Alaska National Guard key element of missile defense

DefenseLink:

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Eleven ground-based interceptor missiles buried in underground silos here represent a key part of a multi-layered defense system designed to protect the United States from a ballistic missile attack. These interceptors, and two more at Vandenberg Air Force Base, Calif., would destroy incoming missiles at the “midcourse phase,” outside the earth’s atmosphere.

In the event of an attack, members of the Alaska Army National Guard’s 49th Missile Defense Battalion based here would use sophisticated surveillance and radar systems to track the missile through its initial boost phase, explained Maj. Joe Miley, the unit’s operations officer. If the missile reached the midcourse phase, the Alaska Guardsmen would await the order to engage it.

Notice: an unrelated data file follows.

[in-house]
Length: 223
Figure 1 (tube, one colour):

On order, they would fire an interceptor at the incoming missile. The force of the collision --the equivalent of two refrigerators slamming into each other at 15,000 mph -- would destroy the target before it reentered the atmosphere, Miley said.

Miley noted that the National Guard is perfectly suited to perform such an important mission.

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The missiles are at Fort Greeley, Alaska. Here is another story on the missile defense responsibilities of the Alaska National Guard. As commander of the guard, it appears that Palin has had more direct national security experience than either of the Democrat candidates both of who have opposed missile defense. I look forward to Palin's debate with Biden on this issue.

Comments

  1. From a December 10th, 2006 article in the Herald Tribune:

    "While the 49th is an Alaska National Guard unit, Hildreth reports to Colonel Michael Yowell, commander of the 100th Missile Defense Brigade, based in Colorado."

    Hmm... Sounds like Palin is not commander of this particular unit. Can someone confirm this? I'd honestly like to know either way.

    ReplyDelete

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